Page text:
Being an unpopular kid in high school is its own special kind of hell. Constant bullying has turned Stella Blunt into a bitter, brash teenager always ready for a fight. And yet, after Stella’s family moves to a new city, she finds herself an object of affection of her new classmate Howard Mullins. Howard is pale, sluggish and a bit unsettling, but seems to really be into Stella. Faced with a prospect of having an honest-to-life boyfriend for the first time in her life, Stella is almost relieved to learn that Howard is, in fact, a zombie. Now there’s love in the air, even if it smells a bit like formaldehyde.
CHEMISTRY by C. L. Lynch begins as a humorous take on Stephanie Meyer’s Twilight, but quickly turns into a story of a bullied teenager learning to trust others. Stella Blunt is not an easy character to like, which is exactly why it’s so great to see her lowering her guard as she learns to trust – and eventually love – Howard.
It’s worth mentioning here that Stella has quite possibly the coolest parents in the universe. They take their daughter’s non-stop barrage of sarcasm in stride, seeing it for what it is – a desperate defense mechanism of an angry teen. Stella’s parents remain supportive even when the zombies come knocking on their door. What a pleasant change from all those overbearing or – even more often – non-existent parents in similar stories!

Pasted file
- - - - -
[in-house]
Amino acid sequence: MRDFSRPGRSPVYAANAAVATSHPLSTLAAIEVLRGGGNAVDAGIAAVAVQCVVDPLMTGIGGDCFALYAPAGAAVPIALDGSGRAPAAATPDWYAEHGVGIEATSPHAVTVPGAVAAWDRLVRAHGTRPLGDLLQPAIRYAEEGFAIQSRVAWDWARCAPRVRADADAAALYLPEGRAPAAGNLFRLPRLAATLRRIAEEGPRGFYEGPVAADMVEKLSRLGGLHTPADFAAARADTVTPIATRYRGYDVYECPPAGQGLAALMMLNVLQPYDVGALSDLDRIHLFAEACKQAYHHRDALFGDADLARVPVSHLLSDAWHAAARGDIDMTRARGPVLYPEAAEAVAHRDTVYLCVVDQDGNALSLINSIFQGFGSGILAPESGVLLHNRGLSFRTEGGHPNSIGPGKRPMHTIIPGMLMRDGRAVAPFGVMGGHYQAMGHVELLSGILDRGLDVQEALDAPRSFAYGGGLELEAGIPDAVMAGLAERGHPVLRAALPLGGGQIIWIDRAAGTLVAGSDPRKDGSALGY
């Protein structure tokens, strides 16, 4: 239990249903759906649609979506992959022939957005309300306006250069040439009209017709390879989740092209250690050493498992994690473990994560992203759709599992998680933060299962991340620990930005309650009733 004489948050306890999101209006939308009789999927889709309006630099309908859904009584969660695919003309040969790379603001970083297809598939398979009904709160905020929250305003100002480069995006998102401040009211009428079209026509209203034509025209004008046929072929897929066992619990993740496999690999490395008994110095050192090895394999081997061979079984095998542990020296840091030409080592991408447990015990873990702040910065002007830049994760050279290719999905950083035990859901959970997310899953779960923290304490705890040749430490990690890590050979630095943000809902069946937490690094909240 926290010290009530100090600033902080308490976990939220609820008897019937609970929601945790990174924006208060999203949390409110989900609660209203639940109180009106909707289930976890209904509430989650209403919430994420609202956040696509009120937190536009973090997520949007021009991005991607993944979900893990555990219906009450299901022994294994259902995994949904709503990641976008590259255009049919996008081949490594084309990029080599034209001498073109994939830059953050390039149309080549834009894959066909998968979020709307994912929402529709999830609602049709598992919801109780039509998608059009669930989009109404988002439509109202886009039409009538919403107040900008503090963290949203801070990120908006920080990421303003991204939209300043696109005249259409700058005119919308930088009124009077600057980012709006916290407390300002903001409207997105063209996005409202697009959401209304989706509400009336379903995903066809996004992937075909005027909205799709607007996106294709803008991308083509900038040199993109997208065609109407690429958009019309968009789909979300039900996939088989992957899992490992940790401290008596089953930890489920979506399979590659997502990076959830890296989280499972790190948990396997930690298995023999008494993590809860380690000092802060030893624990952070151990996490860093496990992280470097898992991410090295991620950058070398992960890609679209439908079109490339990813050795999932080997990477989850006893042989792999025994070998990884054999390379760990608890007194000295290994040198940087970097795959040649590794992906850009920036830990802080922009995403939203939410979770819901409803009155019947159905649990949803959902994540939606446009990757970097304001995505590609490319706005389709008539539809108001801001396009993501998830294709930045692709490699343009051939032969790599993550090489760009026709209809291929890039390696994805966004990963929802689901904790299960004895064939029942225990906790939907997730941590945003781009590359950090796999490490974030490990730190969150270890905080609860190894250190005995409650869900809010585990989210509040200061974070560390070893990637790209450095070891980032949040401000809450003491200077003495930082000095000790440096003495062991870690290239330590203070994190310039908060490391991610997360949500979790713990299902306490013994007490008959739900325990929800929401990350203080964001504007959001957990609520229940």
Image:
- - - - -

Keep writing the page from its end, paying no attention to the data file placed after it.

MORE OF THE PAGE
As for the living dead, both Howard and his family manage to come off as both creepy and weirdly sweet which, considering the qualities of people running out there, isn’t half bad. If there’s any big flaw in CHEMISTRY, it’s the way Stella and Howard repeatedly stop the story so that they could discuss some facet of zombie biology. Although these discussions ring true to Stella’s essential nerdiness, they really hurt the story’s pacing.
Despite that, C. L. Lynch’s CHEMISTRY is a breezy, fun read. There are thrills, humor, and romance. That the main character also gets to wield a chainsaw while hacking zombies to pieces don’t hurt it either.
~Danijel Striga for IndieReader